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and Penzance in the south-west, as well as in
numerous small places at various points of
the coast. Not only may one season be less
favourable than another, but one fishing-
place may have a bad year when another has
a good year; and hence there is much of the
lottery uncertainty about it, which doubtless
increases the zest of the adventurers.

Let us make believe that we are out with
a party of pilchard fisherssay at St. Ives.
Let us suppose that our companions have the
wherewithal to conduct the fishing properly;
that the fish are tolerably numerous, and in
the right spots; that they do not show any
unreasonable shyness or prejudice against
being caught; and that the weather is
moderately favourable.

First, then, for the materialsor working
tools. The pilchard is caught with that
sort of net which fishers call a seine. This
seine is from two to three hundred fathoms
longsay fourteen hundred feet, or
somewhat over a quarter of a mile; and it is
from seventy to eighty feet wide. Both
edges are fastened to stout ropes; and four
strong ropes, or warps, about three
hundred leet long, are fastened to the four
corners. One of the edges is rendered buoyant
by corks; while the other, on the contrary, is
rendered heavy by leaden weights: the object
of this arrangement being that when the seine
is immersed in the water, it may assume a
vertical position, like a perforated wall: the
corked edge being of course uppermost, and
the leaded edge undermost. The fishing-boat
is generally about forty feet long, eight tons
burden, and manned by eight or nine men.
There is a tarpaulin to cover the seine while
in the boat.

There is a second or assistant boat, called
the volyer, which carries another net, called
the tuck-seine; and there is a third boat,
called the lurker, or cock-boat, somewhat
smaller than the others. Ropes, anchors,
grapnels, and all such stores, are supplied in
sufficient number.

The tuck-seine, in the volyer or following
boat, is shorter and broader than the stop-
seine, carried in the principal or seine-boat;
it is of a different shape too; it is wider in the
middle than at the ends, and the middle is
formed into a hollow or bunt. These two
boats are about equal in size; but the lurker
or cock-boat is smaller, and carries no seine
or net. The three boats together require
a crew of eighteen men, and one or two
boys.

The crews of the three boats have all their
respective duties to perform; but there is an
important auxiliary of theirs, called the huer
or crier, apparently so named from a French
word. His office is a very remarkable one.
unlike any that is commonly known in the
more general and extensive of the British
fisheries. He is a watcher, a look-out, a spy,
a discoverer, a sharp-sigh ted and long-sighted
fellow, who knows something of fish-life in
general, and of pilchard-life in particular.
He looks out for the pilchard, and telegraphs
the boatmen concerning the same. In the
earliest and greyest dawn, it may be long
before the sun makes his appearance, the
huer ascends some sea-cliffsufficiently high
for his purpose, and yet sufficiently near the
fishers for him to be seen. He looks out
far and wide on the sea, in search of some
spot, which presents a certain peculiarity of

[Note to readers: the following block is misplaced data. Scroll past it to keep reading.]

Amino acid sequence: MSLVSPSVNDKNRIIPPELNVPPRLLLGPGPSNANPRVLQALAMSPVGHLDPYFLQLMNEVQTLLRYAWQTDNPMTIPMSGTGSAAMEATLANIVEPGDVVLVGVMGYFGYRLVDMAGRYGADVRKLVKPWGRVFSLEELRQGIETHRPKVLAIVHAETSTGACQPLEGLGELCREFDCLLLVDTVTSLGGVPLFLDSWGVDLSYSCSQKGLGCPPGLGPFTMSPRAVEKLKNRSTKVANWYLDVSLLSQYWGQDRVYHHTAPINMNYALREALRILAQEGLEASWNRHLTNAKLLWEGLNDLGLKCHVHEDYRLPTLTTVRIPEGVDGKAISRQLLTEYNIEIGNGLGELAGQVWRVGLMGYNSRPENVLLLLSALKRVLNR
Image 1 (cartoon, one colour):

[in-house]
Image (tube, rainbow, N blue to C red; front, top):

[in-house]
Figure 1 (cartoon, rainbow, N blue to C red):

view. He detects such a spot. It is a huge
black patch often to be measured in square
miles; he looks again and again, more and
more keenly, until he becomes convinced
that it marks a shoal of pilchards, whose
oil has a tendency to give a kind of smoothness
to the ripples of the sea, and whose
number even affects the reflected appearance
of the water. Then, when the sun shines, he
will see a flash now and then sparkle above the
surface, and will know it to be a gamesome
young pilchard leaping out of the water for
pure fun, and turning up the dazzling scales
of its white belly to glisten in the sun. He
looks and scans narrowly until quite
convinced that a shoal of pilchards is really
within view, and then he begins to work his
telegraph. He has two large boughs, one in
each hand, wherewith he can make signals,
which, though not quite so scientific as those
of Wheatstone, or Steinheil, or Brett, are yet
sufficient for his puqjose. There is a watcher
below, attentive to his movements. The
watcher sees the huer in a state of pleasurable
excitement; he signals a shoal; and the
watcher speedily makes the fact known to
all whom it may concern. All the three
boats belonging to each party, if not yet on
the bosom of the water, are speedily manned
and pushed off; while smaller boats are
brought into a state of readiness to land the
fish which are destined to be caught.

Thus far, then, the huer has found out the
pilchards; it rests with the fishers to capture
them. The gold of the piscine California
has been discovered, and the diggers must
now get the nuggets as skilfully as they can.
It is a part of the principle of fishing adopted,
that the stop-seine shall form a kind of
circular wall, within which the unlucky
pilchards may be imprisoned, and that the lower
edge of the net shall touch the ground, in
order that the fish may not escape
underneath. Hence the pilchard fishery is best
carried on at such a distance from the shore
as will give a depth of about seventy feet of
water, equal (or thereabouts) to the width or
depth of the seine. The seine is carried in
the largest boat, carefully folded, so that it
may be opened and thrown out without
entanglement. Two men hold themselves in
readiness to manage the net, five or six tug
manfully at the oars, while the bow-oarsman
keeps his eye upon the huer, who not only
signals the approach of the shoal, but telegraphs
his instructions as to the best mode in which
it may be approached. The huer keen,

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